Javert is so obsessed with enforcing society’s laws and morals that he does not realize he is living by mistaken assumptions—a tragic and ironic flaw in a man who believes so strongly in enforcing what he believes is right. Although Javert is such a stern and inflexible character that it is hard to sympathize with him, he lives with the shame of knowing that his own Gypsy upbringing is not so different from the backgrounds of the men he pursues. He lives his life trying to erase this shame through his strict commitment to upholding the law.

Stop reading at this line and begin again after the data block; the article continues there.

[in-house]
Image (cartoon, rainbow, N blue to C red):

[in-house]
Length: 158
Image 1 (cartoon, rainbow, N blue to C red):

Javert’s flaw, however, is that he never stops to question whether the laws themselves are just. In his mind, a man is guilty when the law declares him so. When Valjean finally gives Javert irrefutable proof that a man is not necessarily evil just because the law says he is, Javert is incapable of reconciling this new knowledge with his beliefs. He commits suicide, plagued by the thought that he may be living a dishonorable life. True to Javert’s nature, he makes this decision not with any emotional hysterics, but rather with a cool determination. Although he is a man of logic, he is impassioned about his work. To this end, Hugo frequently uses animal imagery to describe Javert, particularly when he likens him to a tiger. In the end, it is difficult to feel anything other than pity for Javert, who assumes his duty with such savagery that he seems more animal than man.